This article first appeared on QSR Media.
There are years where it feels like only weeks of change takes place, and then there are weeks when it feels like years of change take place. The latter seems to aptly sum up the state of play in the hospitality industry as whole right now.
No doubt many of us are mourning huge losses and will do for some time to come, but the green shoots of a new future I have seen so far have been encouraging. Human instinct is millenia old, especially our instinct to provide hospitality to others, and the creative ways businesses have adapted to do just that during coronavirus-plagued times is worth celebrating.
Digital transformation drives new ways to provide hospitality
Specifically, the way in which ecommerce and digital operations have been embraced or sharpened has been fascinating. The sense I get is that merchants will not be thwarted when it comes to providing hospitality and staying connected to patrons wherever they are.
Take a typical mid-market QSR player right now, say with 10 to 20 venues across each major city. It’s highly likely that they now have a suite of ordering and delivery apps they’re using to reach customers beyond the one or two major global players we’ve grown accustomed to over the past couple of years. They’re also probably investing in their own ordering and ecommerce solutions, especially if they’ve got a strong brand, to sell anything from their usual menu to meal-kits and merchandise.
And as for customer loyalty programs, these have no doubt become more sophisticated as a result, alongside these new ways to transact overall.
Now for most QSR players this isn’t really new, but it is still do or die, especially if they want to come out of 2020’s constrained economy with a chance of kicking on in 2021. In particular, for large players this is a journey they’ve been on for some time yet still have a lot of work to do to overcome the legacy systems already in place. At least medium and smaller players can be more agile and make the tech changes required to thrive quicker.
Essentially, embracing digital and new tech is about opening up new revenue streams, which also leads to more data and insight on customers wherever they’re transacting with your business, leading to more opportunities to adapt and grow.
The whole is greater than the sum of its parts
Whilst this digital transformation has been accelerated due to COVID-19, it was always coming. And it’s clear right now that the winning food and beverage businesses are the ones who are (or have been) investing wisely in digital operations, marketing and tech & apps because it results in more choices for consumers, and diversified incomes for the venue.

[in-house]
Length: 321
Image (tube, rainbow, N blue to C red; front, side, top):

Clearly, in a post-COVID world people will still want food on a plate in a bustling restaurant, surrounded by friends. Some things will never change. But other things might, especially if it grants more choice to consumers. Being able to offer that choice in a sustainable way is critical – it takes more than just piecing together some apps, venues need everything integrated so the tech whole can become greater than the sum of its parts.
For example, whilst a presence across more ordering apps means more opportunity, it also means more work for the restaurant. Don’t get me wrong, there’s a lot of digital opportunities out there for everyone, even if you haven’t started the journey yet, but if you don’t master the tech it can get out of control. I’m sure any restaurant team that’s spent a heap of time re-keying digital orders from multiple apps into a POS or updating menu items across multiple apps will testify to that, and that’s not even mentioning their own digital ordering and ecommerce.
We’ve all read reports recently across the industry of big increases in digital commerce for cafes and restaurants. Some suburban cafes I’ve spoken to are reporting that up to 80% of their business is now coming in via apps! Whilst this increase paints an exciting future, there’s no doubt plenty of operators out there won’t have the tech stack required to increase their digital revenue without impacting their operational costs though.
For example, just removing the manual re-keying of orders from apps to POS with a tech solution can reportedly save a busy restaurant upwards of $20,000 a year in labour.
If there’s one thing we’ve all been taught during coronavirus, it’s that having all your eggs in one basket isn’t a good idea, so new digitally enabled revenue streams are here to stay and likely to grow. But for this creative and digitally led coronavirus fight back to drive sustainable growth across the industry into the future, QSRs of all shapes and sizes need to make sure they have the right tools in place to simplify the technology ecosystem that surrounds them.
Once the tech is mastered, it’s back to the simple stuff, the human instinct, the bread and butter: providing awesome hospitality experiences to consumers, wherever they are.